24 June 2011
Lotus Renault GP confirms new team manager
On a wholeheartedly encouraging opening day's practice in Valencia ahead of this weekend's European Grand Prix, Lotus Renault GP unveils its higher management reshuffle
Lotus Renault GP has served notice of its intent in F1 by confirming that John Wickham has been appointed as the new team manager, with chief engineer Alan Permane taking on greater responsibilities in a streamlining and shake-up of the upper hierarchy.
The reshuffle was prompted by an efficiency study conducted by former A1GP head of operations Wickham that led to the resignation of erstwhile sporting director Steve Nielsen – and Lotus Renault GP managing director Eric Boullier is convinced that the changes represent a decisive shift in the right direction.
“I think it is just another step in maybe bringing some new ideas, and to go for the next step where I want the team to be,” the Frenchman is quoted as having said by AFP. “For what I want to achieve with the team, John has great experience of where I want his job to be. It is not about replacing a sporting director; it is more splitting responsibilities. Alan Permane will have more responsibilities on the sporting side, and I need more focus on the race team itself.”
Permane, for his part, pointed to a positive opening day's practice for the Enstone-based outfit in Valencia ahead of this weekend's European Grand Prix, with both Vitaly Petrov and Nick Heidfeld featuring inside the top ten on the timesheets throughout, and indeed placing respectively second and fifth in FP1.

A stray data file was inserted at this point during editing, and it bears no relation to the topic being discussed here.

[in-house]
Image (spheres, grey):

“The track was very 'green' to begin with,” he reported. “We used flow-viz paint on both cars to assess the performance of our new DRS, and we also practised using KERS in both sessions. The track was very dusty this morning but steadily improved, and we ran both the medium and soft tyres in the second session.
“The new rear wing is working well, and it should be bringing the gain we expected. Both tyres worked reasonably well, with no warm-up problems and the soft tyre looks between a second and a second-and-a-half quicker over a flying lap. All other new aero parts are working well, so we will work tomorrow with all of the upgrades. Vitaly tried quite a major set-up change in FP2 but was not convinced with it, so we changed it back.”
“Today, we ran on both high-fuel and low-fuel to get a feel for the car on this circuit, and it was running well on both loads,” concurred the young Russian, a winner in the GP2 Series around the streets of Valencia in 2007, 2008 and 2009. “We haven't faced any mechanical difficulties, so that was also a positive to be taken from today. Both cars finished in the top ten, so there's every reason to be positive and to look forward to making some more progress tomorrow.
“I enjoyed the new medium tyres and they weren't performing badly. It's clear the soft tyres are, as expected, around 1.5 seconds quicker than the mediums, so we will have to perform well on these tomorrow in order to have a successful weekend.”
“It was a good day,” echoed Heidfeld. “I have to say that I had my best long run ever in the afternoon session in terms of not encountering traffic; it was amazing, and very good for learning about the car. I could make some changes from the steering wheel which was possible with having such a long run, and also it was good for learning the tyre characteristics of the new medium compound. The new medium tyre feels good, and I'm really happy with the results from it as it has not been tested that much.
“I think the times at the end of FP2 give the best indication of our pace relative to our competitors. In this morning's session, I think some other teams were running different programmes to us, so their times might have been a little misleading.”
European Grand Prix
Lotus Renault GP
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